I wonder for whom such “wisdom” is popular and who precisely makes such arguments? This sounds to me like the pro “development” reasoning of the very mining executives and World Bank arbiters the authors rightly criticize. And again, the insistence on describing the people fighting for their homes, for their land and water, and for their lives as “ordinary” and “poorer” farmers seems to reveal more about the class assumptions of the describers than the common attributes of the described.
Something else that haunts this book is the brutal 2009 abduction, torture, and murder of Marcelo Rivera. The first sentence of The Water Defenders reads, “In late June 2009, the two of us received deeply disturbing news: Marcelo Rivera had been disappeared.”
The authors write that they never met Marcelo Rivera and had first heard of him only a month before, in May 2009. That was when the National Roundtable on Mining in El Salvador was selected to win the Institute for Policy Studies (where Cavanagh works) Letelier-Moffitt Human Rights Award. They briefly describe Rivera’s disappearance and eventual discovery, murdered, at the bottom of a well.
“Though we never met Marcelo,” they write on the second page, “we have been haunted by him and the circumstances of his death ever since. Who killed Marcelo? And why?”
The authors go on to repeat this question at several points throughout the book. After describing the October 2009 award ceremony in Washington where Broad and Cavanagh first met a number of the water defenders in person, they write, “On that balmy evening in 2009, who could have guessed that Miguel’s questions [about the ICSID lawsuit] and Vidalina’s call to action would pull us two—and thousands of others around the world—into the vortex of three intertwined unknowns for nearly a decade to come?”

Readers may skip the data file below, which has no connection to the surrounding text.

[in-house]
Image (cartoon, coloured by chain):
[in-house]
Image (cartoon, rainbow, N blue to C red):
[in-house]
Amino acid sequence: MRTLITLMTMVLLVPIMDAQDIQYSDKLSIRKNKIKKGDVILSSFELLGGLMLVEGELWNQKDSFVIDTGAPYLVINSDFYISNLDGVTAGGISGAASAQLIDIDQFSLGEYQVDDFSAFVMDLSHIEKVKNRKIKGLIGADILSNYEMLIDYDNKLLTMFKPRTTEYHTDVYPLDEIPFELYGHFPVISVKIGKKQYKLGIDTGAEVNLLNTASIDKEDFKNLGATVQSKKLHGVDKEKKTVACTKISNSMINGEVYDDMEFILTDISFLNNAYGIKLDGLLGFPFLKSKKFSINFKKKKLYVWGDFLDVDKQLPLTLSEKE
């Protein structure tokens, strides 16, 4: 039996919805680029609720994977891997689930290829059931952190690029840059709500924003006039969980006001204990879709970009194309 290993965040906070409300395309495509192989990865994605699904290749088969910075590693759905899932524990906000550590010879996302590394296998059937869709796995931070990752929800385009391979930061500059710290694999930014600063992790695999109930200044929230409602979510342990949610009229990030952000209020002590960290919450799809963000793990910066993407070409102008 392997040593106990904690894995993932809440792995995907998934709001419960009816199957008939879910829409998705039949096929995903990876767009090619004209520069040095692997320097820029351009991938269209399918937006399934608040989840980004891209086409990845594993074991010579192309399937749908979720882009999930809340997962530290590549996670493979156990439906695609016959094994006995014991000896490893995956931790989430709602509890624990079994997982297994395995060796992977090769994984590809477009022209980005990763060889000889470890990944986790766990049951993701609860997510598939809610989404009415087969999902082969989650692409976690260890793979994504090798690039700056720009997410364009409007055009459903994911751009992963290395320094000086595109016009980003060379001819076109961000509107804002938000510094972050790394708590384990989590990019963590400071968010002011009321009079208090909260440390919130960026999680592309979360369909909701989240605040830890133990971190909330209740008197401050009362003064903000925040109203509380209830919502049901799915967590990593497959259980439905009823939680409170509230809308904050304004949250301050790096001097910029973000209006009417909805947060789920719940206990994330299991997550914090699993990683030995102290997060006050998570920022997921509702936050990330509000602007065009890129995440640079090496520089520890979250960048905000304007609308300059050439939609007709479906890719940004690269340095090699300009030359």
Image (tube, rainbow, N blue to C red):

The first of these unknowns, they write, “was the on the ground mystery: Who killed Marcelo and why? Not just who carried out the brutal killing. Who was the mastermind?”
The second unknown was whether El Salvador could “possibly become the first nation on Earth to ban mining,” and the third was whether or not “little El Salvador [could] possibly prevail against the global mining industry in Washington, DC.”
While The Water Defenders addresses the second and third of these questions in great length—and is valuable for doing so—it offers only a cursory treatment of the first.
The timing and the context of Rivera’s murder make Pacific Rim an obvious suspect: The motive is there. Broad and Cavanagh write that San Isidro Mayor José Bautista also had political motives including but not limited to Rivera’s anti-mining organizing. The authors also tell us, unsurprisingly, that Salvadoran authorities never seriously investigated Rivera’s murder—nor the subsequent murders of other water defenders—but called it a “common gang crime” and arrested a few “gang members.”
We never learn, however, what those “gang members” said about Rivera’s murder and their arrest or whether or not anyone else tried to investigate. Initial investigative questions are never posed in the book: Were there any witnesses to his abduction? If not, who was the last person to see Rivera? Where was he? Did the government or anyone else carry out forensic analysis of the area around the well where his body was found? Did any independent investigators speak to the men charged in his murder?
While no family member, activist, or writer is responsible for investigating political murder—though often they are the only ones who do so—The Water Defenders fails to rigorously address the very question it uses as a narrative hook, and readers, too, are left haunted and wondering who killed Rivera and why.